QUARTER SESSIONS. The Governor directs it to be notified, that at the election of Chairman of the Court of Quarter Sessions, held on Tuesday, the 15th instant, the day appointed for such election by the Act of the Governor and Council, 3 Victoria, No. 10, the majority of votes received on that day having been found to be in favour of Wm. Montagu Manning, Esq., one of the Candidates at the said election, His Excellency declares that gentleman to be Chairman of the Courts of Quarter sessions of this Colony for the year 1840. COLONIAL SECRETARY'S OFFICE, Octo- ber 30 :-" Twenty pounds reward, or a conditional pardon.--The mail between Yass and Goulburn having been robbed on the 16th, instant, about three miles from the Bredalbane Inn, a reward of twenty pounds will be paid to any person who may give such information as may lead to the apprehension and conviction of the party concerned ; or if such person be a prisoner of the crown, application will be made to Her Majesty for her approb...
GOVERNMENT GAZETTE. October 30, 1839. [Newspaper Article] — Australasian Chronicle — 8 November 1839
GOVERNMENT GAZETTE. October 30, 1839. His Excellency the Governor has been pleased &nbsp; to appoint the following Gentleman to be Magistrates of the Territory, viz - William Fury Baker, of Bronti, in the County of Argyle, Esq. Alfred Glennie, of the Upper Paterson, in the County of Durham, Eaq. Charles Macquarie, of Brisbane Grove, in the County of Durham. Esq. John Morphy, of Lumley, in the County of Argyle, Esq, and James Walker, of Walerawang, in the County of Cook, Esq.
Country News. [Newspaper Article] — Australasian Chronicle — 8 November 1839
Country News. (From a Correspondent.) GOULBURN.--From the 18th to the close of the last month, the weather was most unfavourable throughout the whole of the southern district. The strong blighting winds which continued for several days, added to tbe unna- tural heat at so early a period of the season have, it is greatly to be feared, caused so much injury, that the wheat crop is beyond recovery. In most in- stances, the barley and grasses which were most luxuriant, are completely dried up, and some settlers have al- ready commenced mowing, in order to make the most of that which has been partly destroyed. Since the first of the present month, there have been partial and heavy showers ; where these have fallen, they have been of great service in moistening the earth and restoring vegetation which was completely stopped. Should these showers continue, they will, it is ex- pected, cause the burnt up wheat to shoot out afresh and fill up. As far as regards grass the benefit from them is...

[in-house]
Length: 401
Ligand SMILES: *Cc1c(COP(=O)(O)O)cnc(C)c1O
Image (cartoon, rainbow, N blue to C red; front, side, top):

CIVIL SIDE. [Newspaper Article] — Australasian Chronicle — 12 November 1839
CIVIL SiDE. Before their Honors the three Judges (Mr. Justice'Willis being engaged in the Criminal Court, did not take his seat till nearly two hours after the Court had opened.) Lyons v. Polack.-The aule nisi granted by the Court in this case, calling upon the de fendant to shew cause why a certain Warrant of Attorney held by him shou'd not be set aside with all ploceedings thereon being returnable this day. Mr. Manning moved the Court that the rule should be made absolute. Mr. A'Beckett then rose on the behalf of the defendant to shew cause against it. He said the application appeared by the affdavits to be made on the behalf of DMr. S. Lions, who, however, had not sworn that ihe was authorised to act for the remainder of the creditors, as had been understood. Mr. Lyons, in his affidavit, did not state that Wilson was indebted to, but that Ihe held his bills not yet due to the amount of £4,700, and who could take upon themselves to swear that those bills would not be duly honoured...
Signs of Properity. [Newspaper Article] — Australasian Chronicle — 12 November 1839
*gtipa of l1a operftjj.* ' Where spadese grow bright, and idle swords grow doll; - Where jails are emply, and .where barns ,are full ; . Where church-paths, are whith frequent feet 'out.worn ; Law court.yards weedy, silent.' nd forlorn; Where doctors foot it, and where larmerahride ; Where age abouondsbad youth is muhliplied ; Where iheslaslgns are, they clearly ildicate ;A happy' people,.and well' governed tate'. J? ' * ... ~ r''..
Sydney Market, November 12, 1839. [Newspaper Article] — Australasian Chronicle — 12 November 1839